There were two things she really loved: one was the music of Barry Manilow. I have no idea how she found out, after moving to Virginia in 2011, that in 2012 Barry Manilow would be at Wolf Trap, but she did, and insisted on going. So I took her, in her wheelchair, to the special seating at the back of the arena. There was a comedian who came out first, and he was OK, then the lights went down, they rearranged the stage…and a single spotlight came on, shining on a single man in a white suit as the music started…and my mother started squealing like a 16-year-old at Shea Stadium for the Beatles! I was horrified!

The other thing she loved most was the works of Beatrix Potter, and Peter Rabbit, as anyone watching her PTRABIT license plate around town would see. The last movie she went to was this spring, when Peter Rabbit came out. I took her, and we were easily the oldest people in the theatre, with dozens of five- and six-year-olds there. I would just watch her, enthralled as she was with seeing her favorite character on the big screen. At one point, the action is very slapstick, and the five-year-olds behind us are squealing with joy. Mom leaned over and said, “I’ve missed that sound.”

But what she loved most of all was her grandkids. Nothing would outdo her love of hearing stories of what they were up to.

And so what am I going to miss about my mom being gone? I’m going to miss not being able to take her to her grandkids’ college or high school graduations. I’m going to miss having her over for family dinners, or the times she would make a big production of her own family dinners. I’m going to miss Christmas: mom always made it special, always decorated so much, that this Christmas is going to be hard.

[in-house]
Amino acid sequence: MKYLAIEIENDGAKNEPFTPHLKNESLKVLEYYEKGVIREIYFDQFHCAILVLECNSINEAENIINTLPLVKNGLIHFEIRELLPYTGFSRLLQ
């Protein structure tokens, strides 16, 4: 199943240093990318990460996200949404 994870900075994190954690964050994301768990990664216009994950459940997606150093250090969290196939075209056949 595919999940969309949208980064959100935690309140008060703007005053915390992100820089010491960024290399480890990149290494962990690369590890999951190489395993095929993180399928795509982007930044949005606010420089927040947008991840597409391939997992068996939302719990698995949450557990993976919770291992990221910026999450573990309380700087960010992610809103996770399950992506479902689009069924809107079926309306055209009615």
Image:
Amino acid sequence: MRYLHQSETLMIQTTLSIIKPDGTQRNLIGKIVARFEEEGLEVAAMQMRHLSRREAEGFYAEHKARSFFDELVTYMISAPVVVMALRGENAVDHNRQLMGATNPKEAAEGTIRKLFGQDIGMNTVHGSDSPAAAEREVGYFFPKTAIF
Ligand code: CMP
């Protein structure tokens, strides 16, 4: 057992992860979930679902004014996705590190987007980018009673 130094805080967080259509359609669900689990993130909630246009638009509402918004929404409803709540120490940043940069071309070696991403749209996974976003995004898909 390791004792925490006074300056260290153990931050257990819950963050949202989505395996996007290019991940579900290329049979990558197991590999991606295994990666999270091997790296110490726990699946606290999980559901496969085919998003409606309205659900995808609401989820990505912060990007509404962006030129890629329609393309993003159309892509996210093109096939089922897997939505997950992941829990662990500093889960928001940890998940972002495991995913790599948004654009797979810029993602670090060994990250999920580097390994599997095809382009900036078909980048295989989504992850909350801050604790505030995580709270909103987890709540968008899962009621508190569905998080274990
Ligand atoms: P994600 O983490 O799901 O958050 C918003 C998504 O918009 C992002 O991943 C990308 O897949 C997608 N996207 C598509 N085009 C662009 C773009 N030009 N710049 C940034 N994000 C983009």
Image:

And I’m going to miss a mother’s love. I’m gonna miss my mom.

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Author: Waiting For Life

Eric became the Associate Pastor of Sydenstricker United Methodist Church in Springfield, VA, in June 2019, as his first appointment on entering the pastorate. He is also a student at Asbury Theological Seminary in Wilmore, KY. He's been a Certified Lay Servant in the UMC since 2003 and has been preaching and teaching about Christ since 1995, and answered Christ's call to pursue ordination in 2018. Opinions and posts are my own, not those of Sydenstricker UMC, or the Alexandria District or the Virginia Annual Conference of the UMC.